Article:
It seems like this kind of question doesn’t have a direct answer as taste is not something easy to define. Also, it depends if we are talking with someone who is deeply involved in music, or just passively consuming the radio. For the purpose of this article, let’s divide music into commercial and underground. Can mainstream, commercial music be good in quality?

Commercial stuff is made to be commercial, it is made to generate cash. Thus, the so called artist is missing the creative part – starting from the scratch. You can’t start from the beginning if the idea is already there. What you are doing is actually jumping on the wagon hoping it will take you along with the already running choo-choo train. So, how much  creativity is needed to follow previously defined guidelines for beat, melody and lyrics – all of that being already well tried out, no surprises there.

There are trends in the underground music also, however far less and the consumers are different; more demanding. Very often they search for a particular sound, style or a track. DJs and producers have much more room to experiment and be creative when it comes to underground styles. Some of them have progressed with their work (or just one song) to a such extent that they inspired a whole new genre of music.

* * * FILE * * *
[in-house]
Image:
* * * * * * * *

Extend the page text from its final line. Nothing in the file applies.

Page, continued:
However, things are not so simple as they seem. What about the music that initiated as underground and then crossed heavily into the commercial side? In approximately two decades Rap music became the most listened musical genre in the world.

Are we always able to differentiate underground from commercial?

In the video below, Matthew Dear and Carl Craig are sharing their vision and discussing electronic music scene, producers, equipment… It is one of the most inspiring conversations on this topic I have listened to lately, with tons of interesting insights such as: how the lack of equipment can stimulate creative process,  why Ricardo Villalobos is among the top producers in the genre, the way EDM is made today and much more..

Useful tips for DJs and producers – getting your projects done

In the following article I will share couple of ideas that I find very useful when managing your projects and dealing with tight schedule.

Lack of time or motivation